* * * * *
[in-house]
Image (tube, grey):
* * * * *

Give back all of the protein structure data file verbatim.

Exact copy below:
[in-house]
Image (tube, grey):